Can pumped storage increase our domestic electricity production?

Alas, no. Pumped storage is not a source of energy, but a process for storing electricity that results in a loss of energy of around 17-30%.

European countries regularly produce surplus electricity when the demand for electricity is relatively low. Pumped storage involves using this surplus electricity injected into the power grid to pump water from a low-lying lake to a storage lake higher up. Instead of being wasted, this surplus electricity is converted into so-called potential energy, or “uplift” energy. This water stored at high altitude can then be converted back into electricity by turning hydroelectric turbines to be used at a later date.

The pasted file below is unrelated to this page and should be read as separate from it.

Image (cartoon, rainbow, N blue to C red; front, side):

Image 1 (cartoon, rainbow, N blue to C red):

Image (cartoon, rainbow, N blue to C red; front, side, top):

Pumped storage is currently the only economical storage option for large quantities of electricity. It absorbs surpluses from nuclear and coal-fired power plants (in Europe), whose generating capacity is not very flexible, as well as surpluses from intermittent renewable energies (solar and wind), whose production cannot be controlled [→ Q74].

Of course, pumping has an energy cost, in the order of 17-30% losses. For example, for every 100 GWh of electricity stored by pumping, turbines will return an average of only 70-83 GWh to the power grid, because neither pumping nor turbine systems can be 100% energy-efficient. The 17-30% lost in the process represents the price to pay for storing and using the remaining 70-83%. This process therefore makes it possible to use part of the surplus, preventing it from being entirely lost. However, pumped storage is not an energy source in itself. On the contrary, it consumes energy.


Office fédéral de l'énergie (OFEN) (2008)
(). Clarification sur la part du renouvelable dans le pompage-turbinage. [Online]. Available at: